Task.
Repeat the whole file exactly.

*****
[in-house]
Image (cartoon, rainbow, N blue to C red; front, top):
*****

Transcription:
[in-house]
Image (cartoon, rainbow, N blue to C red; front, top):